Utility drops plans for Fla. nuclear plant, to add 700 MW of solar

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Duke Energy Florida will spend $1 billion to add 700 MW of solar energy over the next four years and forego recovery of more than $150 million from customers for an abandoned nuclear project under a revised settlement filed Tuesday with the Florida Public Service Commission.

Among the key parties that signed onto the deal, in addition to Duke, were the Florida Office of Public Counsel, Florida Industrial Power Users Group, Florida Retail Federation and the Southern Alliance for Clean Energy.

"If approved by the commission at the end of the year, the agreement will take effect January 2018 and will include investments of nearly $6 billion over the next four years while minimizing the impact on Duke Energy customer bills," Duke said in a statement. The utility serves almost 1.8 million customers in Florida.

The company plans to begin construction early next year on a 74.9-MW universal solar project in Hamilton County, its sixth Florida solar plant, with completion anticipated in early 2019, Duke spokeswoman Ann Marie Varga said.

She said Duke intends to buy or build the 700 MW of solar energy it intends to add by 2021.

The agreement also includes plans to install more than 500 electric vehicle charging stations and up to 50 MW of battery storage, and install smart meters.

In addition to the major solar investment, another key provision of the accord is Duke's decision to finally put to rest its Levy nuclear project in Levy County with no further charges to customers.

Duke announced in 2013 it was ending an engineering, procurement and construction contract with Westinghouse for the estimated $24 billion project, and litigation between the two companies ensued.

 At the time, however, Duke also suggested it might consider locating a nuclear plant at the site in the future.

Finally walking away from the nuclear project was an important factor in the Office of Public Counsel's decision to join the pending settlement, said Charles Rehwinkel, the deputy public counsel.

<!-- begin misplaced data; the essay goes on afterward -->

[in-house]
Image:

While Duke said it will absorb more than $150 million in Levy-related costs that otherwise would be borne by ratepayers, Rehwinkel estimated the potential savings to customers at $250 million to $750 million "in future avoided costs from the abandoned nuclear project."

Among other things, Duke will take about $94 million worth of land out of rate base if the settlement is approved, he noted.

Other provisions of the settlement include a reduction of $2.53 per 1,000 kWh for residential customers by spreading the costs for under-recovered fuel of approximately $196 million over a two-year period, instead of one year.

The settlement "allows us to move forward to create a smarter energy future for our customers and communities," Harry Sideris, Duke Energy state president, said in a statement. "It resolves the future of the Levy nuclear project and reinforces our commitment to building cost-effective solar in Florida. It also makes smart investments that will offer customers more information, choices and control of their energy needs while also providing greater reliability."

Stephen A. Smith, executive director of the Southern Alliance for Clean Energy, said in a statement that large-scale solar, electric vehicles and battery storage "demonstrate that Duke is embracing technologies of the 21st century. We welcome Duke's willingness to work with stakeholders on data collection and any rate design changes impacting customer-owned demand-side solar."

Duke Energy Carolinas asks regulators for OK to cancel S.C. nuclear project

Another Duke Energy company recently moved to cancel a nuclear project. Citing the recent bankruptcy of Westinghouse Electric Company, Duke Energy Carolinas, or DEC, on Aug. 25 asked state utility regulators to allow DEC to cancel its plans to build a nuclear power plant in South Carolina.